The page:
Cybercriminals have been increasingly targeting the healthcare industry, and phishing is one of the most common ways that they try to gain access to healthcare networks and sensitive patient data. Recognizing and avoiding phishing emails is crucial to protecting patient data and maintaining the safety and integrity of healthcare systems.
What is phishing?
According to the Federal Trade Commission (FTC), phishing is a type of fraudulent communication that targets individuals and organizations by sending an email or text appearing to be from a well-known source. Cybercriminals use phishing attacks in an attempt to gain sensitive personal information such as passwords, account numbers, credit card information, or social security numbers. For healthcare professionals, this could mean compromising patient data, which is a severe breach of trust and a violation of privacy laws.
How to Spot a Phishing Email?
1) Check the sender’s email address- Carefully examine the sender’s email address. Cybercriminals often use email addresses that appear similar to legitimate sources but contain subtle misspellings or variations. Look for any irregularities in the domain or sender’s name.
2) Beware of urgent or threatening language- Phishing emails often create a sense of urgency or fear to pressure recipients into taking immediate action. Healthcare professionals should be cautious of emails that claim a patient’s life is at risk or demand immediate responses.
3) Examine the email content– Phishing emails often contain grammatical errors, misspellings, or awkward language usage. Legitimate organizations typically have strict quality control over their communications, so errors should raise suspicion.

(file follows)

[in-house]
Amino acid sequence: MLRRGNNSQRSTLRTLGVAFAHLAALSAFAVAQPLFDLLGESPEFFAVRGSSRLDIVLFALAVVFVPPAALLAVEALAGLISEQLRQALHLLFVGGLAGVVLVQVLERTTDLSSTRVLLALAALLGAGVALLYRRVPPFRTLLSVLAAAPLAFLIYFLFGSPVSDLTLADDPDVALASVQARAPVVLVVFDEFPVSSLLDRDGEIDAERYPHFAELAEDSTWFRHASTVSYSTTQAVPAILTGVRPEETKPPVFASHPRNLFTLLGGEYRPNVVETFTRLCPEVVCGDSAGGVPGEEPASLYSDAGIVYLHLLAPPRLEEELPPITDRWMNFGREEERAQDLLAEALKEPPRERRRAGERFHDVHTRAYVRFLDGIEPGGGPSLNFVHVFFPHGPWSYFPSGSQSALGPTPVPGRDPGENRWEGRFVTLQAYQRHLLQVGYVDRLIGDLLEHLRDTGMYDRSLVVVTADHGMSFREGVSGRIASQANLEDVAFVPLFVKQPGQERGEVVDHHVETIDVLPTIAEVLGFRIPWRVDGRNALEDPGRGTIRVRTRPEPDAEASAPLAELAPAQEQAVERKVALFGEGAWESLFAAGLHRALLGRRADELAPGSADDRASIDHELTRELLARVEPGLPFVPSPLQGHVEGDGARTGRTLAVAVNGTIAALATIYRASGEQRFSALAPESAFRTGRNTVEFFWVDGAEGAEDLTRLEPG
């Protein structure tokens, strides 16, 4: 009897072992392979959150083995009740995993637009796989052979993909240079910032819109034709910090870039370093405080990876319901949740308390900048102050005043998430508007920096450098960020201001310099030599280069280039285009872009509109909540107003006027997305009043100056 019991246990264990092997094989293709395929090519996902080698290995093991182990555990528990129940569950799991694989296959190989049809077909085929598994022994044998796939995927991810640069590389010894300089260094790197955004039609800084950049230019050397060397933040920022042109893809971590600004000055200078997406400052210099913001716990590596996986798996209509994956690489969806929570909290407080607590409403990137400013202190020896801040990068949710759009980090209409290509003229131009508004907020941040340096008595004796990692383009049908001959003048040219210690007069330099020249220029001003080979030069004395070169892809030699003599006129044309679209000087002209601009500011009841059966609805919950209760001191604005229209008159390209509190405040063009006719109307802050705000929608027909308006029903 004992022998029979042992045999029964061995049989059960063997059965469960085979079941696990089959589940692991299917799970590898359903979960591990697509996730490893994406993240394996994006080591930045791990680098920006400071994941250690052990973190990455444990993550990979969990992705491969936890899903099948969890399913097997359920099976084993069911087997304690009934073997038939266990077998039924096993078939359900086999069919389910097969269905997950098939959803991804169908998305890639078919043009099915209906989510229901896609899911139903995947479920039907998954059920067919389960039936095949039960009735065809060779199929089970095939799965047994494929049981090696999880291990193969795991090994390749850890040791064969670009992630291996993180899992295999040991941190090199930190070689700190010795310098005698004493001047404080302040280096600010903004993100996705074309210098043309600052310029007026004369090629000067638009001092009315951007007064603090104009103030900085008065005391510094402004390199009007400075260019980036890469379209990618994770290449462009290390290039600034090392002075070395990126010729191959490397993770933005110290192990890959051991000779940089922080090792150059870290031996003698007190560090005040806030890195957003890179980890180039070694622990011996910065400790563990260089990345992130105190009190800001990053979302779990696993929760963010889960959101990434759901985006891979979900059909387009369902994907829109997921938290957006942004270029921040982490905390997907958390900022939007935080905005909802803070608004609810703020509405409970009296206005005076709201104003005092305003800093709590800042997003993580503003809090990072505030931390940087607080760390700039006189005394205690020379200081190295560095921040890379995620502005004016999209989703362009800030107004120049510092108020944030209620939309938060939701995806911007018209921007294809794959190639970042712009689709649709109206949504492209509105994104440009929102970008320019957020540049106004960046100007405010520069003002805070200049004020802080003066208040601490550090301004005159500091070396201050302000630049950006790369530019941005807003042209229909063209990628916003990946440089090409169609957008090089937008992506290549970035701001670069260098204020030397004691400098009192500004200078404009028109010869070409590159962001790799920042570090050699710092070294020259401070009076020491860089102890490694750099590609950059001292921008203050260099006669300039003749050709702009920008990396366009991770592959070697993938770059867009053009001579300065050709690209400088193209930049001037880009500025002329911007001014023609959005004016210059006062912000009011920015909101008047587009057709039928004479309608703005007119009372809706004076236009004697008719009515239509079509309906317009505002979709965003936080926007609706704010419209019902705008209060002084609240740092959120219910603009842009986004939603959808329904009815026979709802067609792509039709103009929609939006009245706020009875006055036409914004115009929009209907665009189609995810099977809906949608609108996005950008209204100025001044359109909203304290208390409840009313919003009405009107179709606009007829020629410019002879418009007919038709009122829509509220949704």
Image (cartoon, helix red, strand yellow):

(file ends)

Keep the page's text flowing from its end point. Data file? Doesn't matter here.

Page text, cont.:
4) Be cautious with attachments-Avoid opening email attachments from unknown or unexpected sources. Malicious attachments can contain malware or viruses that can compromise your computer and network.
5) Verify the request for personal or sensitive information– Legitimate organizations, including healthcare facilities, should never request sensitive information like social security numbers or login credentials via email. If in doubt, contact the organization directly through a trusted channel to confirm the request’s legitimacy.
6) Look for inconsistencies– Pay attention to inconsistencies in the email, such as unexpected changes in formatting, logos, or branding. Cybercriminals may try to mimic official correspondence, but small discrepancies may give them away.
7) Check the salutation- Legitimate organizations often address recipients by their full name. Be cautious if the email uses generic greetings like “Dear Customer” or “Hello User.”
8) Use email filtering and security tools– Employ robust email filtering and security software to help identify and block phishing attempts automatically. These tools can be a valuable layer of protection.
9) Educate yourself and your team- Ensure that all healthcare professionals on your team are aware of phishing risks and know how to recognize and report suspicious emails. Regular training and awareness programs are essential in maintaining cybersecurity.
Be on the lookout for Part 2 of this How To Spot a Phishing Email series where we’ll provide examples of a Phishing Email and what to do if you suspect Phishing.
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